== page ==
Take the spoils and leave the debts. In other words, let’s fly the Confederate flag, but refuse to have a conversation about reparations or affirmative action. Let’s have hundreds of Confederate memorials, and not one museum dedicated to slavery. Let’s all read Gone with the Wind, but ignore the convict lease system that locked African Americans into unpaid labour in the aftermath of slavery.
The stories Devine herself relates about gender, race and class speak to our contemporary, paradoxical moment: we are in an increasingly conservative Australia within a world where feminist thought – though not without compromise – is becoming increasingly mainstream. Devine, a conservative woman with a politics deeply complicated by her feminine subjectivity, is perfectly placed to articulate the profound traumas of contemporary Australian gender politics.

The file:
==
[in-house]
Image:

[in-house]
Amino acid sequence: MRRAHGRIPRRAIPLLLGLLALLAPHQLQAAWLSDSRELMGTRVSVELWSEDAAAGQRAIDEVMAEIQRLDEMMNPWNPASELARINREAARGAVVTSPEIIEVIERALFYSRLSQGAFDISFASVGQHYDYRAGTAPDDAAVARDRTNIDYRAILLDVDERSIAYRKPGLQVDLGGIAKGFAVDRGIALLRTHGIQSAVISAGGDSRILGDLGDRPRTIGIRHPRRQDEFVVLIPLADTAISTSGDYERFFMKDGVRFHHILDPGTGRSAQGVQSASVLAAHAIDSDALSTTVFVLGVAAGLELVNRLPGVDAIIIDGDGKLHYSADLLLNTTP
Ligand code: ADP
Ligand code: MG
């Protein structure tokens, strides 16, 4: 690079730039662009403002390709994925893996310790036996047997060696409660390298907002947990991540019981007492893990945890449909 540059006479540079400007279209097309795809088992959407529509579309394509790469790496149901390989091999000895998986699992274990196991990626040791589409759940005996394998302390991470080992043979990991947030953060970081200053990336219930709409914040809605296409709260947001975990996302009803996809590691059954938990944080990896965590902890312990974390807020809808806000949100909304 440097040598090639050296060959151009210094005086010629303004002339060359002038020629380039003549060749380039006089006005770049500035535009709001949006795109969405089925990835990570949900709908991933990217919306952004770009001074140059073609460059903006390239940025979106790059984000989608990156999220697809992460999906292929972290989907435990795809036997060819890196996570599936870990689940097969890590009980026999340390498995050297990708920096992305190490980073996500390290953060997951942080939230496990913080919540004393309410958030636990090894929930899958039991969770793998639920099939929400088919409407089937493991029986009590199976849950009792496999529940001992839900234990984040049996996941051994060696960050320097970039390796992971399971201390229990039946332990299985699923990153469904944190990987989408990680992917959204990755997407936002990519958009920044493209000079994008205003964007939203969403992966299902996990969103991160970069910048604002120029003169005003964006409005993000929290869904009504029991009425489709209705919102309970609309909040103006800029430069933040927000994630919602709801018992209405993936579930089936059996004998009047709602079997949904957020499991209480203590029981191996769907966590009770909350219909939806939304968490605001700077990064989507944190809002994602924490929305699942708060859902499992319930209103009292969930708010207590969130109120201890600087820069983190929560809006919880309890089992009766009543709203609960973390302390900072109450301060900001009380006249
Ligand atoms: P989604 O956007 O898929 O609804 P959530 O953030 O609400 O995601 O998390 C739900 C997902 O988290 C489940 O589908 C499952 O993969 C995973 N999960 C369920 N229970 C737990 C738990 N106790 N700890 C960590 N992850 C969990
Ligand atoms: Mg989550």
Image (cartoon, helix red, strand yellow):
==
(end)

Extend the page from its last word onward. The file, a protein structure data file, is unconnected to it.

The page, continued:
Was it an hour, this premiere episode? It felt unending, progressively folding in on itself like an origami of self-seriousness. True Detective season two’s premiere is stodgy and heavy-handed to the point of oafishness. It plays something like an end-of-times prophecy for slow crime; the whole thing is so done that any genuine new entry to the genre feels like a satire. True Detective is its own comedy sketch.
What does a fair Australia look like, and how do we get there? The Fair Australia Prize asked writers and artists to engage with these questions and imagine a new political agenda for Australia through fiction, essays, poetry and illustrations. Overland…
It seems to me the politics of dress has a lot in common with the politics of art, forever grappling with the tension between aesthetics and functionality, innovation and social expectation, presentation and representation. Celebrities, for example, are walking product endorsements: designers pay a lot of money to film stars or pop singers to simply go for a walk around New York City wearing their new season’s dress or handbag or overcoat. Exposure and brand alignment creates recognition, influence, and sales.